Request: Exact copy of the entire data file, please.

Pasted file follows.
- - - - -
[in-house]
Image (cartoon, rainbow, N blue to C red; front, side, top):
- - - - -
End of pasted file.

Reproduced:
[in-house]
Image (cartoon, rainbow, N blue to C red; front, side, top):